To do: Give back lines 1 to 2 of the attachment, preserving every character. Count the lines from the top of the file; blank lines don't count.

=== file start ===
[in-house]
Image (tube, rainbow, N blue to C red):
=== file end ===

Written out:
[in-house]
Image (tube, rainbow, N blue to C red):